By Glenn Ellis (Professor of Engineering, Smith College, USA)
The year is 1981 and it is the first day of my geotechnical engineering class. The professor enters the classroom and writes on the board:
geotech—the dark arts of engineering!
We were fascinated and eager to learn all about this magical topic. However, the magic quickly dissipated as the class soon began to feel just like any other class. Sadly, the spell was broken!
Dr. Kieran Egan (2004) tells us that a starting place for Imaginative Education is to consider what is emotionally engaging about the topic. For geotechs the answer is often that soil is so much more complicated than steel, concrete or many other materials that the field requires a completely different way of thinking (hence the “dark arts” reference).
Geotechs love the challenges and mysteries that are inherent to the field. They have even developed their own set of heroes and heroines and relish their connection to them.
Decades have passed and now I’m teaching geotech at Smith College. In this blog, I will share how I have used a range of cognitive tools in my teaching to engage imagination and tap into the emotional engagement that connects geotechs to their field.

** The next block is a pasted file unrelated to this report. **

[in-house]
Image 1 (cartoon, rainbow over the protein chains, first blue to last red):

Undergraduates have long passed the age when Mythic Understanding dominates how they engage with the world around them. (If you are new to Imaginative Education, here is a post describing the concept of “Kinds of Understanding”.) However, the cognitive tools associated with it and with our body’s engagement in the world do not go away. Instead they are transformed and become part of later understandings (Egan, 2004). For example, I use fantasy, mystery, humor and narrative cognitive tools in my course by treating each student as a witch or wizard taking a “dark arts” class at Hogwarts. The fantasy begins with a sorting hat placing students into different “houses” within the geotech field. This process helps them to connect emotionally with geotech since each house has its own history, unique contributions to the field, and numerous heroes and heroines.
Throughout my course the dark arts narrative is revisited regularly. For example, students are introduced to liquefaction by learning a “spell” in which they tap a beaker containing a Harry Potter figure standing on solid ordinary sand. Within seconds Harry starts sinking into quicksand and students begin the task of unravelling the mystery of how the spell works.